Newspaper article The Canadian Press

Today in Music History - April 23

Newspaper article The Canadian Press

Today in Music History - April 23

Article excerpt

Today in Music History - April 23


Today in Music History for April 23

In 1920, Canadian string instrument builder Frank Gay was born in Marcelin, Sask. In 1953, Gay established a studio in Edmonton, building guitars for such famous country stars as Johnny Cash, Don Gibson and Hank Snow. Three of Gay's guitars -- those owned by Johnny Horton, Webb Pierce and Faron Young -- are in the Country Music Hall of Fame in Nashville.

In 1923, the "New Symphony Orchestra," which would become the "Toronto Symphony Orchestra" in 1927, gave its first concert at Massey Hall. The orchestra was conducted by Luigi von Kunits until his death in 1931.

In 1936, pioneer rock singer Roy Orbison was born in Vernon, Texas. His writing and performing in the '50s helped create a mass market for rock music, including his own recording of "Ooby Dooby," which was a moderate hit in 1956. In 1958, he wrote "Claudette," named for his wife, which became a million-seller for "The Everly Brothers." His sound mellowed somewhat in the following decade, and he began his string of million-sellers in 1960 with "Only the Lonely." His other hits included "Running Scared," "Crying" and "Oh, Pretty Woman," a No. 1 record in 1964. Orbison suffered two personal tragedies in the '60s. His wife was killed in a 1966 motorcycle accident, and two of his three children died in a 1969 fire at his home near Nashville. His career took an upswing in 1988 when his collaboration with Bob Dylan, George Harrison and Tom Petty, under the name "The Traveling Wilburys," was a big hit. Just as the album and the single from it, "Handle With Care," were climbing the charts, Orbison died of a heart attack on Dec. 6 at the age of 52. His album, "Mystery Girl," was released two months after his death, and produced the hit single "You Got It."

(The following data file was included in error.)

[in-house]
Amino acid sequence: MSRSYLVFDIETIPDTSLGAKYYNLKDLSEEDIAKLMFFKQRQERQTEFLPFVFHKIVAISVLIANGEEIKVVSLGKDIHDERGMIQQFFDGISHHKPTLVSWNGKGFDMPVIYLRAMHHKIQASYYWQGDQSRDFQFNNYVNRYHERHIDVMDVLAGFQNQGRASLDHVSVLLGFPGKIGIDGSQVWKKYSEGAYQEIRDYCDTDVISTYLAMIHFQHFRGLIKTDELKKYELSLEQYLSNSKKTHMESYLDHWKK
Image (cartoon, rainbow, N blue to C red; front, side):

In 1956, Elvis Presley made his Las Vegas debut, opening for comedian Shecky Greene. Presley's two-week engagement was cancelled after a week because of poor audience response. Elvis would not return to Vegas for 13 years.

In 1969, "The Ash Grove," a famous folk and blues club in Los Angeles, was destroyed by fire. Among the performers who got their start there were "Taj Mahal," "Canned Heat" and "The Chambers Brothers."

In 1975, Pete Ham, leader of "Badfinger," hanged himself at his home in Weybridge, England. He was reported to be depressed over business problems. Signed by "The Beatles" to their Apple label, nothing much happened for "Badfinger" until Paul McCartney wrote a song called "Come and Get It" and had the group record it for the film "The Magic Christian." The record reached the top-10 on both sides of the Atlantic.

In 1981, Johnny Cash, Carl Perkins and Jerry Lee Lewis recorded a live album called "The Survivors" in Stuttgart, West Germany.

In 1986, Harold Arlen, one of popular music's greatest composers, died in New York at age 81. …

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